By Snow Drift
Ah, tragedy. You’re misery, you’re pain, but gosh darn it aren’t you so luring. From Oedipus Rex to Romeo and Juliet to Batman, you follow us all around the world, across all of time, giving us an infinitude of stories where men and women suffer and die. And sometimes we love it so much.
Tragedy has always been a literary aspect for thousands of years that have helped create drama and compelling and memorable characters. And sometimes, within our hearts of hearts, we love to see this side of characters. It’s interesting, one has to admit, to witness the growth of a man or woman from their fall into the metaphorical darkness of misery and despair to their stand as beacons of light for humanity, both in the fictional universe and the real one.
However, ever since the birth of what can be called the Dark Age of comics (what many believe began with the death of Gwen Stacy, but that is still being debated), but especially with the explosion that was the DC Comics company-wide reboot, the New 52, almost every single superhero, no matter who they are and where they come from, have a massive pile of tragedy thrust into their lives, with an added dose of the oh so famous “grim and gritty”. Superman’s adoptive parents are now dead; Barry Allen’s, the Flash’s, mother was murdered by one of his enemies and his father was erroneously condemned to life in prison because of it; Hal Jordan’s, the Green Lantern’s, father was killed in a plane crash; Bruce Wayne has had two Robins actually die, including his son; the Amazons are now men-and-baby killing warriors; Buddy Baker’s, Animal Man’s, son has been killed and so on and so forth.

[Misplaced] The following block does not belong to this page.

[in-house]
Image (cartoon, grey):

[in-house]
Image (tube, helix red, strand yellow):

Bruce Wayne could have ended up hating the world that he lived in. He could have witnessed the crimes, the injustice, and the corruption of the police and justice system and determined to himself that society was a lost cause; that it did not deserve, or was unable to reach, a future of happiness and peace. But he didn't, because within the tragedy of the murder of his parents, he had the opportunity to witness love and comfort from Alfred Pennyworth, hope in the police from Commissioner James Gordon, joy and innocence against all odds from Dick Grayson back when he was Robin, and so on. He saw all of that and understood that life, and the world, was made up of more than just hate and misery: it had love, it had happiness, and it had justice.